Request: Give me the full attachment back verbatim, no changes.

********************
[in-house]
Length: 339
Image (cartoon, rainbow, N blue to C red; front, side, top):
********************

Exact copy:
[in-house]
Length: 339
Image (cartoon, rainbow, N blue to C red; front, side, top):